Superinfection

As with other antibacterial preparations, use of doxycycline may result in overgrowth of non-susceptible organisms, including fungi. If superinfection occurs, the antibacterial should be discontinued and appropriate therapy instituted.

Benign Intracranial Hypertension

Bulging fontanels in infants and benign intracranial hypertension in adults have been reported in individuals receiving tetracyclines. These conditions disappeared when the drug was discontinued.

Skeletal Development

All tetracyclines form a stable calcium complex in any bone-forming tissue. A decrease in fibula growth rate has been observed in prematures given oral tetracycline in doses of 25 mg/kg every 6 hours. This reaction was shown to be reversible when the drug was discontinued.

Results of animal studies indicate that tetracyclines cross the placenta, are found in fetal tissues, and can have toxic effects on the developing fetus (often related to retardation of skeletal development). Evidence of embryotoxicity also has been noted in animals treated early in pregnancy. If any tetracycline is used during pregnancy or if the patient becomes pregnant while taking these drugs, the patient should be apprised of the potential hazard to the fetus.

Antianabolic Action

The antianabolic action of the tetracyclines may cause an increase in BUN. Studies to date indicate that this does not occur with the use of doxycycline in patients with impaired renal function.

Malaria

Doxycycline offers substantial but not complete suppression of the asexual blood stages of Plasmodium strains.

Doxycycline does not suppress P. falciparum’s sexual blood stage gametocytes. Subjects completing this prophylactic regimen may still transmit the infection to mosquitoes outside endemic areas.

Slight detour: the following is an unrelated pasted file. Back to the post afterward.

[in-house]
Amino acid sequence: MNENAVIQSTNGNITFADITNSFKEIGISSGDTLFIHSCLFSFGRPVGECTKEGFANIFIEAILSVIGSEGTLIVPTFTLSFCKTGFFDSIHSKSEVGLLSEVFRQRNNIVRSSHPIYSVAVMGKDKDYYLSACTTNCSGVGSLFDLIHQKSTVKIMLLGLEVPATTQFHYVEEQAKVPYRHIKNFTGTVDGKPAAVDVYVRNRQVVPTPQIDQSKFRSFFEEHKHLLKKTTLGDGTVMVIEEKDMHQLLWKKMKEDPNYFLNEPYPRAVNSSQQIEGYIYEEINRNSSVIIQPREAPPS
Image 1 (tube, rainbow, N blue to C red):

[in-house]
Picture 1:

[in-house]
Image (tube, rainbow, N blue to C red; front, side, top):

Development of Drug-Resistant Bacteria

Prescribing doxycycline hyclate delayed-release tablets in the absence of a proven or strongly suspected bacterial infection or a prophylactic indication is unlikely to provide benefit to the patient and increases the risk of the development of drug-resistant bacteria.

Laboratory Monitoring for Long-Term Therapy

In long-term therapy, periodic laboratory evaluation of organ systems, including hematopoietic, renal, and hepatic studies should be performed.

Adverse Reactions

Post-Marketing Experience

Due to oral doxycycline’s virtually complete absorption, side effects to the lower bowel, particularly diarrhea, have been infrequent. The following adverse reactions have been observed in patients receiving tetracyclines:

Gastrointestinal: Anorexia, nausea, vomiting, diarrhea, glossitis, dysphagia, enterocolitis, and inflammatory lesions (with monilial overgrowth) in the anogenital region. Hepatotoxicity has been reported. These reactions have been caused by both the oral and parenteral administration of tetracyclines. Esophagitis and esophageal ulcerations have been reported in patients receiving capsule and tablet forms of drugs in the tetracycline class. Most of these patients took medications immediately before going to bed [see Dosage and Administration (2.1)].

Skin: Maculopapular and erythematous rashes, Stevens-Johnson Syndrome, toxic epidermal necrolysis, exfoliative dermatitis, and erythema multiforme have been reported. Photosensitivity is discussed above [see Warnings and Precautions (5.3)].

Renal: Rise in BUN has been reported and is apparently dose related [see Warnings and Precautions (5.7)].

Hypersensitivity Reactions: Urticaria, angioneurotic edema, anaphylaxis, anaphylactoid purpura, serum sickness, pericarditis, and exacerbation of systemic lupus erythematosus.